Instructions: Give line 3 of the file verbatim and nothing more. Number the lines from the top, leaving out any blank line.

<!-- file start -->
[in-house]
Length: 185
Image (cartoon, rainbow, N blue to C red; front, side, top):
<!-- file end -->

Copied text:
Image (cartoon, rainbow, N blue to C red; front, side, top):